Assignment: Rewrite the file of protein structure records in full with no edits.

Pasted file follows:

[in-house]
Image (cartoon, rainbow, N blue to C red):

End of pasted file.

[in-house]
Image (cartoon, rainbow, N blue to C red):